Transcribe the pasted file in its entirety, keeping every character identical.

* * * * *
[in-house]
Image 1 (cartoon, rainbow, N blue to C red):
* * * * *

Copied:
[in-house]
Image 1 (cartoon, rainbow, N blue to C red):